Initial Thoughts on Fiscal Cliff Deal Outline

Before we get too far ahead of ourselves, lets not forget that this still has to pass a cantekerous Congress, specifically a very grumpy collection of Republicans in the House. Theoretically, Boehner could pull enough Republicans if Pelosi can get most of the Democrats on board but that remains to be seen.


As for the initial outlines of the deal, a couple big things are immediately apparent.

1. It doesn't look like there are any real plans for deficit reduction in this deal. Spending cuts look like they're targetted at stimulus expansions on other breaks rather than any cuts in real spending.

2. Democrats got tax raises, Republicans didn't get any entitlement reform. Short term, that doesn't look good for Republicans but the devil may very well be in the details.

3. No mention of the sequester (supposedly a one-year delay is being discussed).

4. No mention of the debt ceiling, meaning the Republicans will most likely once again use it as a club to beat Obama over the head with over the course of the next few weeks.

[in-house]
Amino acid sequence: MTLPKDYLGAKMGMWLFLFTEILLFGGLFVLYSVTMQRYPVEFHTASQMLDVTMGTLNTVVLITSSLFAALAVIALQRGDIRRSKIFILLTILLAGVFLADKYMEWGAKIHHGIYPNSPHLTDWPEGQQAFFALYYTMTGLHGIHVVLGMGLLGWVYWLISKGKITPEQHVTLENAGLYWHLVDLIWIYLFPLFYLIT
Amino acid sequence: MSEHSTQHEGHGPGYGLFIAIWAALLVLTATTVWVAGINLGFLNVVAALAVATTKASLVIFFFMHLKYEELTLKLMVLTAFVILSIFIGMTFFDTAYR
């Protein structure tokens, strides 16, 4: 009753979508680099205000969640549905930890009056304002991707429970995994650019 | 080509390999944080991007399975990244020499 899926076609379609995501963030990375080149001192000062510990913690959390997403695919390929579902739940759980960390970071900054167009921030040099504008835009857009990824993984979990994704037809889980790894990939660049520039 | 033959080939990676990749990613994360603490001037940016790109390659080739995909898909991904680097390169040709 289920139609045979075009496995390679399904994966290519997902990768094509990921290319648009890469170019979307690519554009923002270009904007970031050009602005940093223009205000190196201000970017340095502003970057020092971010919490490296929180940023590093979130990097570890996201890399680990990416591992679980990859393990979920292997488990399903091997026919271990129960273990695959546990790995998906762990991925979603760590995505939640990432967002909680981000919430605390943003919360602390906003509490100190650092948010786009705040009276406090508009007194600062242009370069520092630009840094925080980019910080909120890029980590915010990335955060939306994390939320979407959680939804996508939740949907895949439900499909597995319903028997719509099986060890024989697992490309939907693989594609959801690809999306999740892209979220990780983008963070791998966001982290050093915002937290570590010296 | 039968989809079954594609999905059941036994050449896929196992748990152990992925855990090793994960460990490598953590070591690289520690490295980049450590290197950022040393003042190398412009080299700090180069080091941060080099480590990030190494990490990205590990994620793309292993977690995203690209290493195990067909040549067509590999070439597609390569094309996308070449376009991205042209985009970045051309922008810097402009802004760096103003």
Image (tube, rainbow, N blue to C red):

As it stands, the House doesn't even plan to hold a vote on the bill today, meaning even if there is a deal, we won't know about the likelihood of passage until at least tomorrow. A filibuster in the Senate may delay it even longer. 

At the end of the day, when they pass it isn't terribly relevant so long as its in the next few days as any passage will be back-dated to 1/1/13.

And remember, the reports are still conflicting, so there may be no deal at all:


Now, let's see what the President has to say.

How much do you trust the information in this article?

Mark Kogan

Mark is a lawyer and Mic contributor living in Washington, D.C.

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